I am exporting my first ever Premiere show. It is a 82 min. long program, HDV 1080i. Everything is rendered - the entire timeline is green. It took well over 2 hours to render, which seems excessive to me, though I did have filters on almost everything.
In the Export Settings window, both "Match Sequence Settings" and "Use Previews" boxes are checked. I expected that since I already rendered everything, this would mean that the export would go very quickly, as the entire show was essentially rendered already. But, it is halfway done, and already taken 20 min., so looks like 40 min. for the whole thing. Am I doing something wrong? Can I do anything to speed things up? When exporting a similar "pre-rendered" show from Final Cut 7 on this computer, it would take just a few minutes.
My specs: I am on a Mac Pro, 2x3 GHz Quad Core, 8G of RAM. I do have a newer Mac with a faster processor & more RAM, which I am going to experiment with the same project later on. But I still think this is awfully slow on the current computer, at least compared to the performance I got with Final Cut 7.
How many hard drives, and how are they configured?
My 3 hard drives for video editing are configured as...
1 - 320Gig Boot for Win7 64bit Pro and ALL program installs (2)
2 - 320Gig data for Win7 paging swap file and video project files
When I create a project on #2 drive, the various work files follow,
so my boot drive is not used for the media cache folders and files
3 - 1Terabyte data for all video files... input & output files (1)
(1) for faster input/output if you have 4 drives
- use drive 3 for all source files
- use drive 4 for all output files
(2) only 60Gig used, for Win7 & CS5 MC & MS Office & other smaller programs
The CS6 apps are running on the main Mac SATA drive. All of my media, renders, etc. are on a 3TB RAID. I did an AJA system check and the RAID is performing fine, so I don't think that's an issue.
If you had a PC I would suggest that you compare your PC with others using Premiere Pro CS6. Take the test at http://www.ppbm5.com and see how you stack up. You might be able to detect any possible bottlenecks from your CPU, GPU, memory or disks.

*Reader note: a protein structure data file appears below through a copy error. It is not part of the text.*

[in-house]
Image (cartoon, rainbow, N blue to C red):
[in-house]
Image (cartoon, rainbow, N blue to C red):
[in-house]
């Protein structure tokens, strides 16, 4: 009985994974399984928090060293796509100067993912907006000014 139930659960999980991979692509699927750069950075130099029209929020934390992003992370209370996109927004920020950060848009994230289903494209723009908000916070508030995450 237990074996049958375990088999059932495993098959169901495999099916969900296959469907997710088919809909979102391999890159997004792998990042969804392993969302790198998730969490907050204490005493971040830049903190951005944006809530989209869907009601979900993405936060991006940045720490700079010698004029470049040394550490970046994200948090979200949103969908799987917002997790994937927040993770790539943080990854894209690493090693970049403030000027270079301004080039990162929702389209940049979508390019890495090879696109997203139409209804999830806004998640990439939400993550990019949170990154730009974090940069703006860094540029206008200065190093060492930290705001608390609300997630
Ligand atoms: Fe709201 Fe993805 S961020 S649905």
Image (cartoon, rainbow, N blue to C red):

When comparing your scores, only compare to other CS6 tests. Apparently 5.5 was a bit faster at some things.
I see that I have been knocked down to #3 for CS6 - by three seconds. I think I could reconfigure my drives a bit to match his by using my extra SSD for projects, but I prefer to keep it the way it is as a true hot spare. For now at least. I don't really know how he got better scores in some of the other categories. I don't think I actually care that much at this point either.
The point I am trying to make though, is that I can see where someone with almost identical specs has arranged things a tiny bit better than I have, as far as speed is concerned. He beats me by 3 seconds, but he bettered me by only one second in two categories, two seconds in another, and I gained a second on him in another.
These results basically tell me to leave well enough alone.
However, if I had seen a 5 second loss on drives, for example, or on RAM, then I would have something solid to consider upgrading.
Take a look at the difference between my #3 (remember to only look at CS6 by checking CS6 in the Version tab) and PCx79 who is 11 seconds slower on the weighted total (so the actual numbers do not add up). One second in the disk i/o so that isn't really a factor. MPEG one second. Nothing there.
H.264 BR is a factor. He lost seven seconds. That is the CPU and probably just reflects the fact that I allowed Eric to overclock my system to 4.5 since we have the same CPU but his is clocked to 3.9. Which demonstrates a LOT of trust on my part because I don't really "get" overclocking but I have decided to trust Eric.
MPE Off was a big difference too. I don't understand this one because he has a slightly better graphics card. It must be more of the overclocking? I don't know.
So, it is fairly easy to spot the advantages of the overclocking of his 3.9 to my 4.5 I think.
Take a look at your scores. If they fall into line with other people who have similar equipment, be happy that you seem to have configured your system correctly. On the other hand, if you see a problem you can't really explain, look there. That is your starting point. Or, perhaps you just give the slow PC to a needy relative and splurge on something new for yourself.
Unfortunately, I don't believe that PPBM5 works for a Mac. Yet. Volunteer to be a beta tester.
I've found that just because the sequence is all rendered and is 'green' doesn't mean any faster export. Others have been seeing this too.
For me, the 'use previews' rarely improves anything I do. So I also rarely render the sequence and just let it export. Some of my exports have been 14-18 hours (when using lots of Neat Video and Colorista II) while others have been fairly quick (30-40 mins).
I also don't see much difference between my 8 Core Mac Pro (3,1) and windows 7 running an i7 with a faster CPU (oc). Most of the difference is actually whether I have CUDA enabled or not.
Europe, Middle East and Africa